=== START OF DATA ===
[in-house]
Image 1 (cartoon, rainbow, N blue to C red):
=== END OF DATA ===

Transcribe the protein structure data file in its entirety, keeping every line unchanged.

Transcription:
[in-house]
Image 1 (cartoon, rainbow, N blue to C red):